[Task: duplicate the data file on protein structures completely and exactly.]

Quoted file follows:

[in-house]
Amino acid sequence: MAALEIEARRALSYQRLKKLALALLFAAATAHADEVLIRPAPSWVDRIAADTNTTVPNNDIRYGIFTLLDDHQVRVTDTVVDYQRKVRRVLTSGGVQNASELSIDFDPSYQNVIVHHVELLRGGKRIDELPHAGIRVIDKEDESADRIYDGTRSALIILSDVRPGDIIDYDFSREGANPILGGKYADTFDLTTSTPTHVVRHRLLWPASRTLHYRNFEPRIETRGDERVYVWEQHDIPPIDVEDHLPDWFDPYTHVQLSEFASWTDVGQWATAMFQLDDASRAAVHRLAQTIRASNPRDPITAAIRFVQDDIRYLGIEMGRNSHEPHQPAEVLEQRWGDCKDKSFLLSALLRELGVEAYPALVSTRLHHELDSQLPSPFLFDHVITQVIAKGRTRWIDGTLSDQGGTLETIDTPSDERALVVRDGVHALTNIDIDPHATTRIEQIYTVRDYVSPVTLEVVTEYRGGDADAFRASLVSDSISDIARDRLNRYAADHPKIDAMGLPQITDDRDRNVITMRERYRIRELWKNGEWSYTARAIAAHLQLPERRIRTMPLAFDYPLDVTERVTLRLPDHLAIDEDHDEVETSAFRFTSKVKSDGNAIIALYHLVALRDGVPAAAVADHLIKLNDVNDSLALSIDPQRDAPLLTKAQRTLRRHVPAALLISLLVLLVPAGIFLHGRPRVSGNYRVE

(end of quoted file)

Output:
[in-house]
Amino acid sequence: MAALEIEARRALSYQRLKKLALALLFAAATAHADEVLIRPAPSWVDRIAADTNTTVPNNDIRYGIFTLLDDHQVRVTDTVVDYQRKVRRVLTSGGVQNASELSIDFDPSYQNVIVHHVELLRGGKRIDELPHAGIRVIDKEDESADRIYDGTRSALIILSDVRPGDIIDYDFSREGANPILGGKYADTFDLTTSTPTHVVRHRLLWPASRTLHYRNFEPRIETRGDERVYVWEQHDIPPIDVEDHLPDWFDPYTHVQLSEFASWTDVGQWATAMFQLDDASRAAVHRLAQTIRASNPRDPITAAIRFVQDDIRYLGIEMGRNSHEPHQPAEVLEQRWGDCKDKSFLLSALLRELGVEAYPALVSTRLHHELDSQLPSPFLFDHVITQVIAKGRTRWIDGTLSDQGGTLETIDTPSDERALVVRDGVHALTNIDIDPHATTRIEQIYTVRDYVSPVTLEVVTEYRGGDADAFRASLVSDSISDIARDRLNRYAADHPKIDAMGLPQITDDRDRNVITMRERYRIRELWKNGEWSYTARAIAAHLQLPERRIRTMPLAFDYPLDVTERVTLRLPDHLAIDEDHDEVETSAFRFTSKVKSDGNAIIALYHLVALRDGVPAAAVADHLIKLNDVNDSLALSIDPQRDAPLLTKAQRTLRRHVPAALLISLLVLLVPAGIFLHGRPRVSGNYRVE